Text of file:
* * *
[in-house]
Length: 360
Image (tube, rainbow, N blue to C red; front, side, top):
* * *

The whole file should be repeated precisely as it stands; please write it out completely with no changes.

[in-house]
Length: 360
Image (tube, rainbow, N blue to C red; front, side, top):